In 2013, Chuck Norris retired from his entertainment career to save his wife after she had a painful, near-death reaction to a medical treatment.
Norris’ wife, Gena O’Kelley, suffers from rheumatoid arthritis. Doctors diagnosed her with the autoimmune disease in 2013 by giving her an MRI with gadolinium, which is a dye injection that helps pinpoint issues with specific organs, blood vessels, or tissues.
The former supermodel had three gadolinium injections in eight days. Express reported in 2017 that after the first injection, her entire body felt like it was “on fire.” And the pain only worsened.
“[It was] as if acid had been passed through it,” O’Kelley explained. “The burning was isolated at first, but it just kept spreading. Before this, I was a vibrant person. In fact, I’d say my health and fitness levels would have put me in the top 10% of people in the world back then.”
Initially, specialists claimed O’Kelley wasn’t having a reaction to gadolinium. A second opinion at a clinic in Nevada revealed the opposite, and she went into intensive treatment. Chuck Norris immediately put her life first and quit acting.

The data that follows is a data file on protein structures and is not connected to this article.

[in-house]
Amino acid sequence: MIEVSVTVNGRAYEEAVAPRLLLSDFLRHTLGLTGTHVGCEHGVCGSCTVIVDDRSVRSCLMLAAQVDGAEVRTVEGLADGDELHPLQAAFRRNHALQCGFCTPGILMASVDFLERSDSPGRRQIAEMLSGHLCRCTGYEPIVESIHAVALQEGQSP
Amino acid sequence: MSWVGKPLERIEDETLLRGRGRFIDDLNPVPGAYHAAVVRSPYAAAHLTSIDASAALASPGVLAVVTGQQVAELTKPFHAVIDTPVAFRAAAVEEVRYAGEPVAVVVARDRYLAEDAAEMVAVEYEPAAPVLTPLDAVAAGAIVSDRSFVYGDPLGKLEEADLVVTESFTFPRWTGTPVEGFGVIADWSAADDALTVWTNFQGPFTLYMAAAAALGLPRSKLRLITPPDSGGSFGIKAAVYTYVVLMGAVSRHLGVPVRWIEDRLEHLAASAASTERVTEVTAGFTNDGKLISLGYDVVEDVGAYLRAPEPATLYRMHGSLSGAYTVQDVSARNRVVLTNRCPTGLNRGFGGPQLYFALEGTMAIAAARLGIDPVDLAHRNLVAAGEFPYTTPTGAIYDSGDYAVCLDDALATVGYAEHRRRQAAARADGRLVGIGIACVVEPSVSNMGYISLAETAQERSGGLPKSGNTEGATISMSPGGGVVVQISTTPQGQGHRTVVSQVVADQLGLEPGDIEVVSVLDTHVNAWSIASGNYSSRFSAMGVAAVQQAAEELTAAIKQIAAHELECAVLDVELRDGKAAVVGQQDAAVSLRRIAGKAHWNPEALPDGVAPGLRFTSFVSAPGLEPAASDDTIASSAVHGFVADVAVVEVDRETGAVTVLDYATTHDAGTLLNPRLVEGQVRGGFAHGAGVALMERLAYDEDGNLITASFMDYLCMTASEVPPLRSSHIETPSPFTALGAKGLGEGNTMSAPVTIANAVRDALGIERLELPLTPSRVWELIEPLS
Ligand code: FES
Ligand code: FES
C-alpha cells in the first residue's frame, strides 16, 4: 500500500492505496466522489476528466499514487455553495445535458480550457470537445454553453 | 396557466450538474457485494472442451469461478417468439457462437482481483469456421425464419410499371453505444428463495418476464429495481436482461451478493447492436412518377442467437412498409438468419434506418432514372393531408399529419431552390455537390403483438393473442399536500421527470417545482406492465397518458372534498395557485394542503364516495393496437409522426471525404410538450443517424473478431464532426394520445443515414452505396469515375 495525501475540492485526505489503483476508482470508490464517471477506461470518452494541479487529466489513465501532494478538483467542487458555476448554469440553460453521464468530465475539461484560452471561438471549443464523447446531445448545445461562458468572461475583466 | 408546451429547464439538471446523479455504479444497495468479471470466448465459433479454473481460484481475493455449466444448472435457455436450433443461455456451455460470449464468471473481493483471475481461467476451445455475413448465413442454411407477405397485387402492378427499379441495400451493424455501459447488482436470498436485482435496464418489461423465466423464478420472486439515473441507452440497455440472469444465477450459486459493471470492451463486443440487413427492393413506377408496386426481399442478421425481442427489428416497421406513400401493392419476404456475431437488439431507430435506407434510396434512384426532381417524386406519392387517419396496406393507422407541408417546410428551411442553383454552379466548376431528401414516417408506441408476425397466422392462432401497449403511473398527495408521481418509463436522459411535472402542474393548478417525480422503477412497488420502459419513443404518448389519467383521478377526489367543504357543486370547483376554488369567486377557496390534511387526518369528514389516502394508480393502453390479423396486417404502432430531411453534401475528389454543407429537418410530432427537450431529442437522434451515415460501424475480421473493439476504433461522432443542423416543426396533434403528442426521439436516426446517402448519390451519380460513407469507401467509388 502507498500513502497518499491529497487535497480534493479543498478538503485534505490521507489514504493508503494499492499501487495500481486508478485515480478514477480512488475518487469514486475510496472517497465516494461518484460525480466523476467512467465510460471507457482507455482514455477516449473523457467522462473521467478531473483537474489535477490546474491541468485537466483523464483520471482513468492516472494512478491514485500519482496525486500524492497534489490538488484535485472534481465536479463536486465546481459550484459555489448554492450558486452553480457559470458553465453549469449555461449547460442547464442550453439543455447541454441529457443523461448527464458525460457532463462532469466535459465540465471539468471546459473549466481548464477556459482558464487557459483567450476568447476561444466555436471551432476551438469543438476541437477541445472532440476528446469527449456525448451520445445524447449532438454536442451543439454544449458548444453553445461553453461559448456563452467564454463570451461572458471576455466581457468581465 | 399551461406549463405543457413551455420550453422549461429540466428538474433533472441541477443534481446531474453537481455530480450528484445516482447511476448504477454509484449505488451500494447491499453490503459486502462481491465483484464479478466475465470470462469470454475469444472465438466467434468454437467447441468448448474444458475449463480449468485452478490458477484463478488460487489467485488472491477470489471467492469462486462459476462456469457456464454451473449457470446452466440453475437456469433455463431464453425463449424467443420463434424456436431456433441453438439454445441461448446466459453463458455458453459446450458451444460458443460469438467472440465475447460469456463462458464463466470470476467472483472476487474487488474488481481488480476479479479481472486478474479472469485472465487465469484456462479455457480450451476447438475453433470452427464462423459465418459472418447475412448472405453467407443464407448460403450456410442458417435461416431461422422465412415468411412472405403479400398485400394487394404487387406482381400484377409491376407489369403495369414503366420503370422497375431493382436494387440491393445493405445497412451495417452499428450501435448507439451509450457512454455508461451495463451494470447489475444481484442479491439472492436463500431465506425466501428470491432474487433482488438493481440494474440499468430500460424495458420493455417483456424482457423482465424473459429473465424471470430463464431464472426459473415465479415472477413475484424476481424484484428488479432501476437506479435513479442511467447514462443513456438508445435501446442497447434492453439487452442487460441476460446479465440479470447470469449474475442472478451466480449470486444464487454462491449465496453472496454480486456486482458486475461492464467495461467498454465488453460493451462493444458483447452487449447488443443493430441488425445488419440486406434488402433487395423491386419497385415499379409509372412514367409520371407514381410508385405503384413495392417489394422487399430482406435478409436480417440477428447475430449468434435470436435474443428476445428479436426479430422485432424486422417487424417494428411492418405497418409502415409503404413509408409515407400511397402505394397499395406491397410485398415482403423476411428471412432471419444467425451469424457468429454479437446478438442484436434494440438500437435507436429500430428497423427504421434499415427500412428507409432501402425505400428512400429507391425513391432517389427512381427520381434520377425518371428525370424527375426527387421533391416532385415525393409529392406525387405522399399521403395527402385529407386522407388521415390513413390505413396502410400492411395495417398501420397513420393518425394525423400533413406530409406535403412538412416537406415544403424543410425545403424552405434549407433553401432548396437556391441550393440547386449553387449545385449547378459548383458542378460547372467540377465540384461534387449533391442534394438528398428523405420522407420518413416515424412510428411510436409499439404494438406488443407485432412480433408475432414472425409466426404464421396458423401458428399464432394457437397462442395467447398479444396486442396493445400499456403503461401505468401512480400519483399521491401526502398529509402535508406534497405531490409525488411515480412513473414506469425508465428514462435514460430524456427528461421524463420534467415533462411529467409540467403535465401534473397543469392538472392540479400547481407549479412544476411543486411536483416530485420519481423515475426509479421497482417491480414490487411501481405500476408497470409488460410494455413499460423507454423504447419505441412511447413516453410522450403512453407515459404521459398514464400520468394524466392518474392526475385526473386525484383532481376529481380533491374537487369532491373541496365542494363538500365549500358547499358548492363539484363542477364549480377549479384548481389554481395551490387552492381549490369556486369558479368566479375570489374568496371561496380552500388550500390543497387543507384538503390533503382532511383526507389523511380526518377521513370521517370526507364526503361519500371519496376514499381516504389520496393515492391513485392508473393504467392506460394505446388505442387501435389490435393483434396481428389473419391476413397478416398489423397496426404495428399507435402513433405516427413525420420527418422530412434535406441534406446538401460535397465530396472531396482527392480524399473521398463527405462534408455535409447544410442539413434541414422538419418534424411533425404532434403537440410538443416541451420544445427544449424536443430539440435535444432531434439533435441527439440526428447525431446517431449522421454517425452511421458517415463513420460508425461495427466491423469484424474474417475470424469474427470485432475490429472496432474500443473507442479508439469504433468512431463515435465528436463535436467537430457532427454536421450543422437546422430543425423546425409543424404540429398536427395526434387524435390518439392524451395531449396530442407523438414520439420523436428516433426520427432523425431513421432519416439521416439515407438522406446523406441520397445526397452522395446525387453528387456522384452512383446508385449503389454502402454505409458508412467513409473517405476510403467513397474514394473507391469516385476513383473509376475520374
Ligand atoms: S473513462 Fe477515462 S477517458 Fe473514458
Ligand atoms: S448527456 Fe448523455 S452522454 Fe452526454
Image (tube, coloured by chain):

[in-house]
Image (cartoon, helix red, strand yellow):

“I’ve given up my film career to concentrate on Gena. My whole life right now is about keeping her alive,” he told the publication at the time. “I believe this issue is so important.”
Chuck Norris Spent Years Attempting to Prove His Wife’s Condition
O’Kelley explained that she was hooked to IV and required “round-the-clock nursing care” for five months. She couldn’t leave her bed the entire time, and Norris never left her side.
“Chuck slept beside me on the couch and never left,” she shared. “I prayed that I would live to raise my children. It’s infuriating and heartbreaking—it’s a vicious, ugly secret that has been kept hidden—something Chuck and I are determined to change.”
At the time of the Express interview, O’Kelley still suffered from burning nerve pain and kidney problems. Years later, Norris attempted to prove that she had a gadolinium deposition disease. An expert committee ultimately ruled that it couldn’t find enough evidence to substantiate that claim. However, the European Medicines Agency pulled three gadolinium-based contrasts from the market as a direct result of O’Kelley’s experience.
The couple ended up suing several gadolinium manufacturers, including Italy-based Bracco. However, they dropped their $10 million suit in 2020, according to Radiology Business. Neither O’Kelley nor Norris have updated fans on O’Kelley’s condition since.
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